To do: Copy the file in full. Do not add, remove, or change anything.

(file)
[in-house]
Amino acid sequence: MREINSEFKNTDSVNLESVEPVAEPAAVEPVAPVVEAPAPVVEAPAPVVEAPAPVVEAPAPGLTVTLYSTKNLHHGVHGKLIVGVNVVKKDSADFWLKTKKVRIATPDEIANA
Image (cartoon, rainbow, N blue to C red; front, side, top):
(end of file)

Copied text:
[in-house]
Amino acid sequence: MREINSEFKNTDSVNLESVEPVAEPAAVEPVAPVVEAPAPVVEAPAPVVEAPAPVVEAPAPGLTVTLYSTKNLHHGVHGKLIVGVNVVKKDSADFWLKTKKVRIATPDEIANA
Image (cartoon, rainbow, N blue to C red; front, side, top):